Published: 2019-01-25

Study on association of serum lipoprotein(a) with coronary artery disease

P. Mohanraj, S. Sandhya


Background: Most studies of lipid-lowering therapy for the prevention of coronary heart disease (CAD), focused on lowering low density lipoprotein cholesterol and non-HDL cholesterol. Other dyslipidemias, such as an elevated level of lipoprotein(a), also may promote atherosclerosis, establishment of relationship between lipoprotein(a) excess and risk for CAD, interventions directed toward altering these have only infrequently been evaluated in clinical trials. Objectives was to study the association of raised serum lipoprotein(a) in coronary heart disease.

Methods: This study was conducted in 50 patients of CAD and 50 people as control group. All patients underwent a standard clinical examination and a blood draw for a lipid profile and lipoprotein(a) assay. Pearson chi-square test was used to assess the statistical significance.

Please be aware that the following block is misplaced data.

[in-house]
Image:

Results: Lipoprotein(a) value of more than 30 mg/dl is considered as elevated. In case group 19 patients (38%) were showed elevated lipoprotein(a) and in control group these were 9 patients (18%). p value is 0.026. It shows elevated lipoprotein(a) is statistically significant with the relative risk of 2.79.

Conclusions: The association of elevated lipoprotein(a) with CAD was statistically significant. Higher lipoprotein(a) levels were observed in patient with family history of premature CAD.


Coronary heart disease, Dyslipidemias, Lipoprotein

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